Tags

Type your tag names separated by a space and hit enter

Effects of C-peptide on microvascular blood flow and blood hemorheology.
Exp Diabesity Res 2004 Jan-Mar; 5(1):51-64ED

Abstract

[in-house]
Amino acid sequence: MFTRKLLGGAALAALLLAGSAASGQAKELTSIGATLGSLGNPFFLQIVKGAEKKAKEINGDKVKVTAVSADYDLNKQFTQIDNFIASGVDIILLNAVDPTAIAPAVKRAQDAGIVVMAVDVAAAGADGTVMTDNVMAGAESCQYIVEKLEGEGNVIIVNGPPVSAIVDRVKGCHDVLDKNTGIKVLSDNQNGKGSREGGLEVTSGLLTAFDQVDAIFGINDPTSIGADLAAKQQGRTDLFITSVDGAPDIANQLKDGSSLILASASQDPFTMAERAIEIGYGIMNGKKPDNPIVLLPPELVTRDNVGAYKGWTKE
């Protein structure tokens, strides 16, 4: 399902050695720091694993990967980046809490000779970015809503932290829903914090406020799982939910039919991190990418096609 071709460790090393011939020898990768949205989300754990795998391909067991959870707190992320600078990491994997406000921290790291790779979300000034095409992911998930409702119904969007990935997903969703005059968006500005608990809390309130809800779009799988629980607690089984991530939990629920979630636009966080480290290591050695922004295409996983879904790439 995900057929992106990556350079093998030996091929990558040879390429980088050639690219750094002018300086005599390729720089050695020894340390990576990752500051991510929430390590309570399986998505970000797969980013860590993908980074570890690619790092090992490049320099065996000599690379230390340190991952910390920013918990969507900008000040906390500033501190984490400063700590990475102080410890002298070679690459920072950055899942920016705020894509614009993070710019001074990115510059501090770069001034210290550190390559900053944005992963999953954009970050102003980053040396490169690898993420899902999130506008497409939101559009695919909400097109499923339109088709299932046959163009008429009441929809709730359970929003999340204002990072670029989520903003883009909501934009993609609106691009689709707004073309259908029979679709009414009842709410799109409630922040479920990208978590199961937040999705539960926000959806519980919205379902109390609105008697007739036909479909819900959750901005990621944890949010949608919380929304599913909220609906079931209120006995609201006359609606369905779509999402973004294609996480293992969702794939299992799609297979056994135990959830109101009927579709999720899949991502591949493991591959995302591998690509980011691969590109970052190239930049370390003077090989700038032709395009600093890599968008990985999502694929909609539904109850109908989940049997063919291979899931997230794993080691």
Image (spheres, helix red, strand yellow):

Beside functional and structural changes in vascular biology, alterations in the rheologic properties of blood cells mainly determines to an impaired microvascular blood flow in patients suffering from diabetes mellitus. Recent investigations provide increasing evidence that impaired C-peptide secretion in type 1 diabetic patients might contribute to the development of microvascular complications. C-peptide has been shown to stimulate endothelial NO secretion by activation of the Ca2+ calmodolin regulated enzyme eNOS. NO himself has the potency to increase cGMP levels in smooth muscle cells and to activate Na+K+ATPase activity and therefore evolves numerous effects in microvascular regulation. In type 1 diabetic patients, supplementation of C-peptide was shown to improve endothelium dependent vasodilatation in an NO-dependent pathway in different vascular compartments. In addition, it could be shown that C-peptide administration in type 1 diabetic patients, results in a redistribution of skin blood flow by increasing nutritive capillary blood flow in favour to subpapillary blood flow. Impaired Na+K+ATPase in another feature of diabetes mellitus in many cell types and is believed to be a pivotal regulator of various cell functions. C-peptide supplementation has been shown to restore Na+K+ATPase activity in different cell types during in vitro and in vivo investigations. In type 1 diabetic patients, C-peptide supplementation was shown to increase erythrocyte Na+K+ATPase activity by about 100%. There was found a linear relationship between plasma C-peptide levels and erythrocyte Na+K+ATPase activity. In small capillaries, microvascular blood flow is increasingly determined by the rheologic properties of erythrocytes. Using laser-diffractoscopie a huge improvement in erythrocyte deformability could be observed after C-peptide administration in erythrocytes of type 1 diabetic patients. Inhibition of the Na+K+ATPase by Obain completely abolished the effect of C-peptide on erythrocyte deformability. In conclusion, C-peptide improves microvascular function and blood flow in type 1 diabetic patients by interfering with vascular and rheological components of microvascular blood flow.